SLRP: LXXII. The Enemy Of Philosophy (Part 2: 7 – 11)

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Seneca,

This section of your letter begins by looking at an issue I happened to be thinking of yesterday.  The modern philosopher, particularly of the academic stripe, has a certain stereotype.  Bookish, patches on the elbows of the jacket, physically weak.

But in looking back Plato, Zeno, and Chrysippus we see boxers, runners, and wrestlers turned philosopher.  Socrates is reported to have held his discourses often in gymnasiums.  The health of the mind and the health of the body, it seems then, were not held as two distinct things.  Today, it seems like one must forego one or the other to pursue its opposite:  brains or brawn, take your pick.

This line of thought brought me to consider what we mean by health, of course your letter bends towards health of the soul:

“I shall tell you what I mean by health: if the mind is content with its own self; if it has confidence in itself; if it understands that all those things for which men pray, all the benefits which are bestowed and sought for, are of no importance in relation to a life of happiness; under such conditions it is sound.”

We see a harkening back then to the Dichotomy, where our happiness is placed.  What I read here, then, is a call to a healthy προαίρεσις:  that faculty which in part determines what is in our exclusive control, and what is not.  When the προαίρεσις is operating healthily, it understands what true profit is, and does not look to the things for which men typically pray, but rather what are its own goods.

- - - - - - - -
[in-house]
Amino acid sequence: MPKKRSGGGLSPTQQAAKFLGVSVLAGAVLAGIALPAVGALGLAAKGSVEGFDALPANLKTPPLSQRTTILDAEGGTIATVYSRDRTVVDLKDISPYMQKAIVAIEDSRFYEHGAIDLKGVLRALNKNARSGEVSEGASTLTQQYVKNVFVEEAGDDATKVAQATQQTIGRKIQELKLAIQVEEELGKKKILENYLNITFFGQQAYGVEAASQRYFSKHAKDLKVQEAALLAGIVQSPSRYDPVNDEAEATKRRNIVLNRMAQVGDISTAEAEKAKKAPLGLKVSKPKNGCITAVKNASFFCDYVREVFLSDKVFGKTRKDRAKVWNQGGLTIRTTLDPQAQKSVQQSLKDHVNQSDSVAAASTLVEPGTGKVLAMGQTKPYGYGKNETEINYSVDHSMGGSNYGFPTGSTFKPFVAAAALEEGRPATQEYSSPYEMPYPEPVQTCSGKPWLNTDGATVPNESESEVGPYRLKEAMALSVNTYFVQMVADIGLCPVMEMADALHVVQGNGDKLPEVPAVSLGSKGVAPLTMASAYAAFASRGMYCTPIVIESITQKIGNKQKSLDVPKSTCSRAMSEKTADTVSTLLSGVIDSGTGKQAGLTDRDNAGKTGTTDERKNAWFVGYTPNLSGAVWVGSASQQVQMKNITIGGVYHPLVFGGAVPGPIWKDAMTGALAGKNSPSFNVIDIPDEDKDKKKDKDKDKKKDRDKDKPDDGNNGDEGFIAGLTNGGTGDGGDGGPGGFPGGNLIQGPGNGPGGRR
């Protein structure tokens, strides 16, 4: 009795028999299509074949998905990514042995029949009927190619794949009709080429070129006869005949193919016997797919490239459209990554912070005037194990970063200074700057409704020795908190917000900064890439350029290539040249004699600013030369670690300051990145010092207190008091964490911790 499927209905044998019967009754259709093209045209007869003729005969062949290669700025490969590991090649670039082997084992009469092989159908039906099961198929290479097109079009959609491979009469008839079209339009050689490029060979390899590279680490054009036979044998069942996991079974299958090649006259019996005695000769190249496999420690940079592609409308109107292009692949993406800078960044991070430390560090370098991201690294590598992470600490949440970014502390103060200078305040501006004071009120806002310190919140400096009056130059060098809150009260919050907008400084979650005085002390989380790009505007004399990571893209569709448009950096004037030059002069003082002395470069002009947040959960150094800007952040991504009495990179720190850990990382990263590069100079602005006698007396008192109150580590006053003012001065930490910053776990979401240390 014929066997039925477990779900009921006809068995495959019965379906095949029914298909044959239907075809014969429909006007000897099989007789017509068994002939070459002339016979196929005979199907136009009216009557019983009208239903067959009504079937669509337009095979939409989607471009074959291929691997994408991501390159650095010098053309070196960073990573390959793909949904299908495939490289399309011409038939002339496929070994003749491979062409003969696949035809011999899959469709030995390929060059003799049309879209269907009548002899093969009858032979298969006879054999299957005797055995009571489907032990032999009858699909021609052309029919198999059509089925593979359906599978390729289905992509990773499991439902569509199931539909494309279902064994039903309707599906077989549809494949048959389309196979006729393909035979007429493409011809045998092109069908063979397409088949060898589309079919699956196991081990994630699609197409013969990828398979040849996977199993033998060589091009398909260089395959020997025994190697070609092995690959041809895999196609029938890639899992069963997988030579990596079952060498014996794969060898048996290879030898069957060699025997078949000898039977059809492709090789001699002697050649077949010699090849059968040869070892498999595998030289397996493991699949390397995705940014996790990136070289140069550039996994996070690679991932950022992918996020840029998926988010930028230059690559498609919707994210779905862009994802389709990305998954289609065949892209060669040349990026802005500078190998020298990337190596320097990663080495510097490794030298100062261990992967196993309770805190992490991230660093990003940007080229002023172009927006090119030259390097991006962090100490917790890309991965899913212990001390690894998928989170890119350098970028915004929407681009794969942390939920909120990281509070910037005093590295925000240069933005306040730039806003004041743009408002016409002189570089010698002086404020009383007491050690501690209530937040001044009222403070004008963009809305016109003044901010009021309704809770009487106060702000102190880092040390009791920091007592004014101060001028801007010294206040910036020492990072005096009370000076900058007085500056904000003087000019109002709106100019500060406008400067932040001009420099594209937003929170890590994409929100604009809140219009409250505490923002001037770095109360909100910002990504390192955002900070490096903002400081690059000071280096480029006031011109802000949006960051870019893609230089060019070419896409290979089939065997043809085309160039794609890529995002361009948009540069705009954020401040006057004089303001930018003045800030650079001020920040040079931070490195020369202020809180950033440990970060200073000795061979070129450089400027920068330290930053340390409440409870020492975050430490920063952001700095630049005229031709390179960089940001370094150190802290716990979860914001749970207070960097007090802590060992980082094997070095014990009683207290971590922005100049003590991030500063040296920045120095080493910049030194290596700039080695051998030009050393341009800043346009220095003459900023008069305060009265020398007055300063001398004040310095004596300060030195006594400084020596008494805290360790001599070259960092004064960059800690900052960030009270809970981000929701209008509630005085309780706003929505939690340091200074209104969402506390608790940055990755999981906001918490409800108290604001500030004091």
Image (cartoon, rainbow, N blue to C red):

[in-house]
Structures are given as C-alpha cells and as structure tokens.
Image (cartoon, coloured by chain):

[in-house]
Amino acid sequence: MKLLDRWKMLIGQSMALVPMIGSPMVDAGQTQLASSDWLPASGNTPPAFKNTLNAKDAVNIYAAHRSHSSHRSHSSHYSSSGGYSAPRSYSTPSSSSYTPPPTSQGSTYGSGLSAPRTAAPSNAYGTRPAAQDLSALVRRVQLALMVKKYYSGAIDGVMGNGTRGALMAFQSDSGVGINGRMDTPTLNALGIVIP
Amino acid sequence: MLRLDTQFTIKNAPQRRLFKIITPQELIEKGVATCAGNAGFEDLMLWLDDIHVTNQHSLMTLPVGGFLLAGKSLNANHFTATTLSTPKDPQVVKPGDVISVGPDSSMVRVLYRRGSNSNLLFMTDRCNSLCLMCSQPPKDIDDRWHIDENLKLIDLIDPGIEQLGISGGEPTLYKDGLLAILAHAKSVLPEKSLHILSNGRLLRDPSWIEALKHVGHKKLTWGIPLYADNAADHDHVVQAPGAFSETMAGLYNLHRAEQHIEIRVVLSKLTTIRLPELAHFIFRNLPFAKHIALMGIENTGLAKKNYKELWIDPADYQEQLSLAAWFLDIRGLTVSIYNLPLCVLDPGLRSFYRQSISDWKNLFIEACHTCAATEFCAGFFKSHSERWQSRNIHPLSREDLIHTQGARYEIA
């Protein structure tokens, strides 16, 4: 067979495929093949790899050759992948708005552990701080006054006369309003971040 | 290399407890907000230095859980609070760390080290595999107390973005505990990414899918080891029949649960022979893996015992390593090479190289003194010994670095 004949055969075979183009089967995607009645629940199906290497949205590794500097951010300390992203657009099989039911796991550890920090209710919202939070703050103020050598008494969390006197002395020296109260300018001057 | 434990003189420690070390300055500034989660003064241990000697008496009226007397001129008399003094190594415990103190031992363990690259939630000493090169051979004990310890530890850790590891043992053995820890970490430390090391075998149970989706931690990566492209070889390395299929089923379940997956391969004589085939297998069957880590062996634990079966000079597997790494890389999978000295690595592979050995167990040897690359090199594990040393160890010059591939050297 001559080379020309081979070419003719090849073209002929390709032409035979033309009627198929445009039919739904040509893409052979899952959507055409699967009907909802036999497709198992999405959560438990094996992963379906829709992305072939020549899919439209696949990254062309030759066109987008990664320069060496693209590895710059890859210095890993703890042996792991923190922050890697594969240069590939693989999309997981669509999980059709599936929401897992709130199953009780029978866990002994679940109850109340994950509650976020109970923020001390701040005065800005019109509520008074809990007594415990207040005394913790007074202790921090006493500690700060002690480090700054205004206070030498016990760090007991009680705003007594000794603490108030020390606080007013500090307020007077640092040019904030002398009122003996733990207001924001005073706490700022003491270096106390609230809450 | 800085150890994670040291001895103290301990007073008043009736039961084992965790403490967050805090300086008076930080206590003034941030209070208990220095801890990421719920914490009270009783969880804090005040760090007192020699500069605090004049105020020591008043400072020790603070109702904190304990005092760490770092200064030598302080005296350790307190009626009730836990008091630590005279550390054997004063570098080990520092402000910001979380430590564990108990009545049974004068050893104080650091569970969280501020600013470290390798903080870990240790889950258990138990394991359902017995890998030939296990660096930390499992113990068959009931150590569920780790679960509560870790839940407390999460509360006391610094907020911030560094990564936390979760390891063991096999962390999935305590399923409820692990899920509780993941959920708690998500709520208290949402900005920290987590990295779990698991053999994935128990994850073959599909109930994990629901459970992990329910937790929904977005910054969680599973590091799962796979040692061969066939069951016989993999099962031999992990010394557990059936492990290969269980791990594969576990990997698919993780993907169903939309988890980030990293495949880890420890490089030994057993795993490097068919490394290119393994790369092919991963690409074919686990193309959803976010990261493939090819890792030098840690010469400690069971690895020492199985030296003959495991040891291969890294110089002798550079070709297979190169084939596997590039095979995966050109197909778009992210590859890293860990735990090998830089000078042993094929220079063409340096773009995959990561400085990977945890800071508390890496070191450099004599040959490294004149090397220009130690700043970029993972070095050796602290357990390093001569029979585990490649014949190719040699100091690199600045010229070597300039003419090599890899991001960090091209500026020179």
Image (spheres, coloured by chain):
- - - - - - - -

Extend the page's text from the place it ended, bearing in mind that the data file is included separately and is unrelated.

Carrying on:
“Now all that which the crowd gapes after, ebbs and flows. Fortune gives us nothing which we can really own.”

The only things we can really own then are the fruits of the προαίρεσις.  Just like Musonius coaches us to not have personal suits over injury, since the only things the courts have jurisdiction over are aprohairetic, external things.  Fortune can only give or take externals.  The προαίρεσις, however, is totally free in its proper domain.

“Assume that a man has good intentions, and has made progress, but is still far from the heights; the result is a series of ups and downs; he is now raised to heaven, now brought down to earth. For those who lack experience and training, there is no limit to the downhill course; such a one falls into the Chaos of Epicurus, – empty and boundless.”

The path of the προκοπτόν is a difficult one.  It doesn’t contain clear markers, or the sixteen steps of knowledge, or benchmarks of progress.  It’s a lot of ups and downs.  We are reminded, with the heavy standard, that every slip trains for the next one.

But there is still a way up, and if we keep feet to path, we’re working in the right direction.

Farewell.


Part of Michel Daw’s Reading Plan of Seneca’s Letters.

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